So what that some of the crazies are going to come out and jibber-jabber about some half-cooked ideology. It may be ridiculous to maintain that, but think about it for a moment. You wouldn’t like to be told to keep certain topics of commentary to yourself. Why would any of the crazies like it ? And even so, like irant said, they already mod through letters to the editor, why should this venue be any different ?

    I don’t know who precisely said it, but I have to say that the most free words put to writing were ( and I may not be accurately quoting here ):

    “I may not agree with what you have to say, but I’ll defend your right to say them…”


  10. … hmmm … when a media channell is very popular, me thinks that it needs to start allowing for the tagging of comments. Give the conversation some extra dimension .. let it spread out … let people tune into the area of the conversation that interests them. Turning off comments is just going back to Media 1.0 … remember, when you had no voice. Also as we do it here at fastblogit, the group (in this case the Washington Post staff), always has the right to delete comments that are off topic or inapporpriate to the forum. The staff should not shirk from exercising that editorial control. More discussion on my blog.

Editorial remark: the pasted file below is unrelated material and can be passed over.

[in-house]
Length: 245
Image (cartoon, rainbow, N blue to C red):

11. Posted by billg on January 25, 2006 at 10:22 am

    >>”…isn’t a comment at a newspaper website rather analogous to an editorial in a print newspaper?”

    No. It is analgous to the guy sitting next to you in the subway talking about the story he just read in the newspaper. Newspaper editorials are written to reflect the opinion of the newspaper, as an institution. They need to be distinguished from bylined columnists, who create columns, not editorials, that express only their individual point of view.

    >>”I happen to disagree that letters to the editor are useless. They are the voice of the people.”

    Leters to the editor are not useless. They can make for interesting readding. But, they are not the “voice of the people”. They are selected according to the criteria of the newspaper. Given the space constraints in a typical newspaper, it seems silly to assume that a daily handful of edited letters represents the voice of anyone in all beyond their authors. Likewise, with website commments, we know nothing about the people who post them. It is a mistake to look at a website overflowing with comments and make assumptions about who or what those comments represent.

    >>”The Post could moderate the comments much like they sort through letters to the editor they still receive.”

    Why should they? As the Post’s original statement said, it was taking too much time and money to police and edit the comments. People who are trying to earn a living have better things to do than deleting and banning the spewings of foulmouthed venom spitters. (If those are really the “voice of the people”, we’re in bad shape.)